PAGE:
This is an excellent article by Ambrose Evans-Pritchard, published in the Telegraph. Check it out!
As somebody who has spent nearly two months in India this year, plus many years working with Indian businesses, I very much identify with the broad thrust of the Evans-Pritchard article.
Let me declare my bias. I love India, its history and culture. It is proudly the largest democracy in the world. In the last two years, I have also spent many months in Eastern and South Eastern Asia, including lengthy periods in China. I’m also privileged in having worked in India in the 1970s, which was indeed a very dark time.
I have witnessed, first hand, India’s enormous success in technology and outsourcing services, yet even these once world-beating industries are struggling with India’s escalating costs. For me, much of India’s success has been on the back of lower unit costs but with high inflation and aggressive labor unions, India is in danger losing its way. Ultimately, there are two overarching models and India has dabbled with both. On the one hand, there is capitalism and free enterprise, fully exposed to global markets. On the other hand, there is a statist model closer to communism. Whilst India has enormous strengths in education and knowledge of English, there is unbelievable poverty, illiteracy and unchecked birth control in the lower classes. Although outlawed in the 1947 constitution, the caste system is alive and well, dominating social and cultural life.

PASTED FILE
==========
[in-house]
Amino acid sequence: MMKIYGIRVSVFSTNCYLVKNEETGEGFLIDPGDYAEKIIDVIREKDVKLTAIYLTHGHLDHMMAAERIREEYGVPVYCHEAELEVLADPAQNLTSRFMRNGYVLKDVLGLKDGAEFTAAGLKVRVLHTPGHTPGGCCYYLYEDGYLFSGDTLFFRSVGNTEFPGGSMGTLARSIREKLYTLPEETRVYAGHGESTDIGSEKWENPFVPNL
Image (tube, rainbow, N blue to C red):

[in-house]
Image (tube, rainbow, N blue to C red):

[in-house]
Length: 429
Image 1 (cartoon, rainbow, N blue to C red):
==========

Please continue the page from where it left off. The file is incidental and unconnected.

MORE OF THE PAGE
India’s greatest strength is democracy but perhaps it is also its weakness or Achilles heal . With widespread widespread corruption highlighted by Evans Pritchard, India is strategically very weakly positioned against powerful competitors, like China.
Let me turn this to an open question:
Should India take a leaf out of David Cameron‘s book and make austerity the government’s central strategy?